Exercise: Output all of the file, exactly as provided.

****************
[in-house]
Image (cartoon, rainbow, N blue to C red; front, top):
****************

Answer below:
[in-house]
Image (cartoon, rainbow, N blue to C red; front, top):